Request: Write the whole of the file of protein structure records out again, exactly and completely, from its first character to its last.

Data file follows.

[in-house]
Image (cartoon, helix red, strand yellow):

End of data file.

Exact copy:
[in-house]
Image (cartoon, helix red, strand yellow):